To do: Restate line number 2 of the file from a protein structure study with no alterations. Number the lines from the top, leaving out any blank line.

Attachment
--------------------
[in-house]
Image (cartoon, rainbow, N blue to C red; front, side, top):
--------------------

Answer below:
Image (cartoon, rainbow, N blue to C red; front, side, top):